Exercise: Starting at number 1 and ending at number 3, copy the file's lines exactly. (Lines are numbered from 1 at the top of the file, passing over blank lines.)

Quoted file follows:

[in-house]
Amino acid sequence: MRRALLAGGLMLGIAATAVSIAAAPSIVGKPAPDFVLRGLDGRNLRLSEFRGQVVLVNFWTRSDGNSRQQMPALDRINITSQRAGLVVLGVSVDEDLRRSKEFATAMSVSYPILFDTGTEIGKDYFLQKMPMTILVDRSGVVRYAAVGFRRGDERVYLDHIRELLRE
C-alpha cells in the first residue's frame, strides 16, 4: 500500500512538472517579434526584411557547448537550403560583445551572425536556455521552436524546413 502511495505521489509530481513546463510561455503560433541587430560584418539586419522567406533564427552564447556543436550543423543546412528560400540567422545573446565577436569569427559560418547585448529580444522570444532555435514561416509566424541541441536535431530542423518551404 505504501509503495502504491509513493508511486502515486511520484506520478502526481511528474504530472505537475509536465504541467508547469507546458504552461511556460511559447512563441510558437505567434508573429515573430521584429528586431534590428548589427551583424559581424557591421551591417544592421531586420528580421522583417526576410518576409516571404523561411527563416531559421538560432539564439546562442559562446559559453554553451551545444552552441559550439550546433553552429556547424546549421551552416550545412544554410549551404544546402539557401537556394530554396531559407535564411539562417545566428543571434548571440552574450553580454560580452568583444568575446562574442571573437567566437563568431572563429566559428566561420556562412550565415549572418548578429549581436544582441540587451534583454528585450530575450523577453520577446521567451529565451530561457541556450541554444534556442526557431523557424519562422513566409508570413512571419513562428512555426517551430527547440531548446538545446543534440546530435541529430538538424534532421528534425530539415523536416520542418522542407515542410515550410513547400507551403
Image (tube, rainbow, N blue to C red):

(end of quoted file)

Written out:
[in-house]
Amino acid sequence: MRRALLAGGLMLGIAATAVSIAAAPSIVGKPAPDFVLRGLDGRNLRLSEFRGQVVLVNFWTRSDGNSRQQMPALDRINITSQRAGLVVLGVSVDEDLRRSKEFATAMSVSYPILFDTGTEIGKDYFLQKMPMTILVDRSGVVRYAAVGFRRGDERVYLDHIRELLRE
C-alpha cells in the first residue's frame, strides 16, 4: 500500500512538472517579434526584411557547448537550403560583445551572425536556455521552436524546413 502511495505521489509530481513546463510561455503560433541587430560584418539586419522567406533564427552564447556543436550543423543546412528560400540567422545573446565577436569569427559560418547585448529580444522570444532555435514561416509566424541541441536535431530542423518551404 505504501509503495502504491509513493508511486502515486511520484506520478502526481511528474504530472505537475509536465504541467508547469507546458504552461511556460511559447512563441510558437505567434508573429515573430521584429528586431534590428548589427551583424559581424557591421551591417544592421531586420528580421522583417526576410518576409516571404523561411527563416531559421538560432539564439546562442559562446559559453554553451551545444552552441559550439550546433553552429556547424546549421551552416550545412544554410549551404544546402539557401537556394530554396531559407535564411539562417545566428543571434548571440552574450553580454560580452568583444568575446562574442571573437567566437563568431572563429566559428566561420556562412550565415549572418548578429549581436544582441540587451534583454528585450530575450523577453520577446521567451529565451530561457541556450541554444534556442526557431523557424519562422513566409508570413512571419513562428512555426517551430527547440531548446538545446543534440546530435541529430538538424534532421528534425530539415523536416520542418522542407515542410515550410513547400507551403